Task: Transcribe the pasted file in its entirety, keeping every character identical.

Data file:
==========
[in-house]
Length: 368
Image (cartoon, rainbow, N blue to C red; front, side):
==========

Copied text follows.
[in-house]
Length: 368
Image (cartoon, rainbow, N blue to C red; front, side):